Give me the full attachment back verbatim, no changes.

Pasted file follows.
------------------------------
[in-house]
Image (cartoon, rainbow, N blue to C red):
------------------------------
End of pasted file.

[in-house]
Image (cartoon, rainbow, N blue to C red):